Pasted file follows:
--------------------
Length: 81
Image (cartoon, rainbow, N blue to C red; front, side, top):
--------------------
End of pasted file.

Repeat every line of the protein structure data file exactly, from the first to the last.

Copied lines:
Length: 81
Image (cartoon, rainbow, N blue to C red; front, side, top):